Is Wakeboarding Dangerous?
Is Wakeboarding Dangerous?
Wakeboarding comes with its own thrills and excitement. Some people get involved in this sport for fun, and for others, it keeps them fit. At one point, you may ask, “Is wakeboarding dangerous?” Wakeboarding has its risks, and whether you’re a beginner or a pro, it’s vital that you understand it.
Wakeboarding is a sport where a rope or binder is attached to a wakeboard, then a boat or a cable system tows the person on the board across the water. Many countries include wakeboarding as part of their summer games, and sports groups usually organize several wakeboarding competitions.
But How Dangerous is Wakeboarding?
Getting injured during wakeboarding is not uncommon; however, data has shown that some wakeboarding-related accidents can be avoided.
Common Wakeboarding-Related Injuries
Wakeboarders usually have the highest risk of injuries on their head/ neck, arms, legs, and back.
Head and neck injuries – These are among the most common wakeboarding-related injuries. The head and neck are at high risk once you’re on the water. There are other risks, such as sustaining a head blow and ear rupture due to a fall.
Arm Injuries – Can be in the form of arm sprains and strains, dislocations, and contusion. There is also the risk of a bone fracture on the arm.
Back – Your back is at risk when wakeboarding as you may suffer a rib injury, strains, bruises, sprains, and even fracture.
Studies have shown that lacerations are the most common injuries, and then concussions follow after. Wakeboarders can suffer injury regardless of their skill levels; however, the kind of injury sustained varies as the wakeboarder gains more skill and tricks in the sport.
Factors Determining Wakeboarding Risks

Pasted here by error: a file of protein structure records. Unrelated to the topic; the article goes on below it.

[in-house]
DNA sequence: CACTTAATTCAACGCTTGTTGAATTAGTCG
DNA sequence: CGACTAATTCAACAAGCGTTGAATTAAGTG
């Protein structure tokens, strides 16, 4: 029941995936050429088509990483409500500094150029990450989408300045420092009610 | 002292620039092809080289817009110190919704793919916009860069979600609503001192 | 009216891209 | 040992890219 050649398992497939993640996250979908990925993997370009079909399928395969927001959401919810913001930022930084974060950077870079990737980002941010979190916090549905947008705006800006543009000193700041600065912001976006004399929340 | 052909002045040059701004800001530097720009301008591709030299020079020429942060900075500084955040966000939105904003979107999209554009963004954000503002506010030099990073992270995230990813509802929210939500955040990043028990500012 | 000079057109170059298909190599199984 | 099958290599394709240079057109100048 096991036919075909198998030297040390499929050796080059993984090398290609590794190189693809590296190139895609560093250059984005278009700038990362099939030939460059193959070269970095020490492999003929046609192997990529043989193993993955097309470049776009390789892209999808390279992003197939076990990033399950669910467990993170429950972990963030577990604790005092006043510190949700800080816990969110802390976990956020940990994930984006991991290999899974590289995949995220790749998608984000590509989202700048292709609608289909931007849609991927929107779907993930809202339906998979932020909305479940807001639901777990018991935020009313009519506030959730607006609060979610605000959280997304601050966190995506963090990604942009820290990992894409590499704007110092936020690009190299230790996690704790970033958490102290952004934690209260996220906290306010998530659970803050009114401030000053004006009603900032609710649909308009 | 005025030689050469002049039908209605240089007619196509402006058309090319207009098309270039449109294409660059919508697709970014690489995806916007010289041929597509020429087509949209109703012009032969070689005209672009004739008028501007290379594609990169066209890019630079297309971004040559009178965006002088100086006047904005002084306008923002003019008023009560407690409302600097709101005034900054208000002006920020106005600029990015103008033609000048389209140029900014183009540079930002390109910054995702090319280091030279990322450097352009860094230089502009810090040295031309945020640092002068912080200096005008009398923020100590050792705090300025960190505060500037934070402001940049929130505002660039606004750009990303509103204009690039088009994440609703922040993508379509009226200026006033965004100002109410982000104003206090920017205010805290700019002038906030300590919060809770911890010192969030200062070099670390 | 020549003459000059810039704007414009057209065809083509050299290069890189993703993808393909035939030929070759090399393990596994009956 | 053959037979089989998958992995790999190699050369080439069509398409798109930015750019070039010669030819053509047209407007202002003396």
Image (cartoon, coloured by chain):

There are potential risk factors that can make wakeboarding dangerous such as health/fitness status, level of experience, the skill of the vessel operator, equipment, and environmental factors.
Wakeboarding remains dangerous for physically unfit individuals. You need strength to help maintain posture and stay balanced during wakeboarding.
Level of Experience
Wakeboarders can get injured regardless of their level of experience. However, beginner wakeboarders suffer injury the most during take-off when plunged into the water. Average and professional wakeboarders suffer injury due to falling. Additionally, average wakeboarders sustain more ACL tears than novice wakeboarders.
Wakeboarders must be trained in wakeboarding skills to prevent the risk of sustaining injuries. Beginner wakeboarders who don’t understand basic wakeboarding techniques, such as leaving the rope as they fall, are at the risk of sustaining injuries.
The risk of sustaining injuries from wakeboarding increases with the absence of protective gear like helmets, life jackets, wetsuits, or floating devices.
Wakeboarding in bad water, restricted areas, and bad weather conditions can increase the risk of sustaining injury.
Vessel Operator Skill
Vessel operators that lack skills, experience, training, and knowledge on how the vessel works can put the wakeboarder at risk of sustaining injuries. It’s vital that the boat operator understand the speed and acceleration required for the boat.
How to Prevent Wakeboard-Related Injury
- Use the right equipment and ensure it’s in good working condition.
- Take lessons to gain knowledge about wakeboarding techniques.
- Participate in strength and conditioning exercises such as tandem squats and torso rotation.
- Join a resistance training program.
- Research and gain knowledge on how to manage concussions.
Like every other sport, wakeboarding has its risks. However, it’s vital to determine its risk factors before you partake in this sport. Also, ensure you take the necessary steps to avoid injuries.